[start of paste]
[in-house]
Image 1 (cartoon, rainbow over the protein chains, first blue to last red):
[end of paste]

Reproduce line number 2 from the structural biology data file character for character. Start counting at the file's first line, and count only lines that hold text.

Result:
Image 1 (cartoon, rainbow over the protein chains, first blue to last red):